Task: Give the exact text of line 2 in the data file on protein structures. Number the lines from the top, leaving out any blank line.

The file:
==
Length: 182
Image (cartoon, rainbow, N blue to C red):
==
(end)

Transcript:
Image (cartoon, rainbow, N blue to C red):